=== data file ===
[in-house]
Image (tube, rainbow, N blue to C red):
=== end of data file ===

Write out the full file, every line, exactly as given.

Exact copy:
[in-house]
Image (tube, rainbow, N blue to C red):